Observe the vast variation in skin tone amongst so-called blacks and you will see this is mostly trivial. There is an community identity that determines the privilege.

    Quote Originally Posted by Chiharu View Post
    If the one with more white-privilege is female and the other is male, are they even now? IT'S RIDICULOUS.
    See above.

    Now, if we were to ask if a black man or a white woman was more privileged (with all other details undisclosed) I'd say it's quite dependent on which circumstance the two people are in because the discrimination against the two groups are expressed sometimes in different ways. I think for our purposes it is most constructive to just call them equal, otherwise you get inane crap like the things people said during the Clinton-Obama Democratic primaries in 2008.

    Quote Originally Posted by Chiharu View Post
    How is any of this possibly conducive to bringing people together? Gender stereotypes suck. Racism sucks. Discrimination and prejudice suck. FOR EVERYONE of every race, gender, and sexual orientation.
    The answer to these problems is not always finding the framing that makes everyone seem to be in the same boat. Look at some things Martin Luther King said, and you find him talking about how he discussed removing oppression from blacks as a benefit to all freedom loving people. He did include everyone by arguing it was in everyone's interest, but it required him to acknowledge that there was a serious privilege gap to be fixed.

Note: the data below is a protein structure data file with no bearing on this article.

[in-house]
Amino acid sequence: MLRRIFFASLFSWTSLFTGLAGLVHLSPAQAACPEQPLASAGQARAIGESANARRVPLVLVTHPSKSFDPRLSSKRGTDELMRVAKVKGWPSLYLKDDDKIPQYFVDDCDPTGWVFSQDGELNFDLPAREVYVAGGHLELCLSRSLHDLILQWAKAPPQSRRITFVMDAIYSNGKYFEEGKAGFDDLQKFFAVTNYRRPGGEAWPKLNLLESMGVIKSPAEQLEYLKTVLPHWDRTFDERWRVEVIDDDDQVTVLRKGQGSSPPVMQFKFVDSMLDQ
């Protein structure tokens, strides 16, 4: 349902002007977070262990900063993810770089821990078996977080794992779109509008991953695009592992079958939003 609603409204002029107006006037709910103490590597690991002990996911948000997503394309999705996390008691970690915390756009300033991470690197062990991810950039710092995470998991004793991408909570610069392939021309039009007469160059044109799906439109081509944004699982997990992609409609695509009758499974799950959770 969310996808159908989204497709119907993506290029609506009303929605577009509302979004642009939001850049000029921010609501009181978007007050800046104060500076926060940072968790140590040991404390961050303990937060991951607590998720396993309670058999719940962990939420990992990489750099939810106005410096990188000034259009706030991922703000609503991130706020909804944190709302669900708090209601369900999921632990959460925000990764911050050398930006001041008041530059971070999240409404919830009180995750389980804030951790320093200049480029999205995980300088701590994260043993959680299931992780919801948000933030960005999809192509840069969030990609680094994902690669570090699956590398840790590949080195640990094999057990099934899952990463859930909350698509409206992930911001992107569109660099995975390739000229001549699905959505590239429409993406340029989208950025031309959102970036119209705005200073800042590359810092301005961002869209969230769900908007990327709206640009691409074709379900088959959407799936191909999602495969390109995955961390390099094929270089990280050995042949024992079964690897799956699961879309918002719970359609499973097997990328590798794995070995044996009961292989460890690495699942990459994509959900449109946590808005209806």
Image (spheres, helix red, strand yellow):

If you can't point out that a man has a privilege, then you can't point out that a woman is deprived of something the man gets, which means you can not even acknowledge the problem to address it in the first place. I don't see a way to acknowledge the plight of minorities without being able to assign the title of privilege to certain demographics.

    Being discriminated against for any reason is terrible, but you are not likely to be discriminated against equally for any reason. Here are four facts about me; I am an atheist, my favorite color is black, I grew up in a poor family and still only have modest means, and I have a convexed rib cage. Of those four qualities, do you think all four are equally likely to bring me discrimination or bring equal severity of discrimination? Of course not. The entire issue about, say, black vs white, is that while being discriminated for either reason is terrible, a black person will presumably face far more discrimination than a white in this society. That is the privilege.
    Go to sleep, iguana.


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  6. #6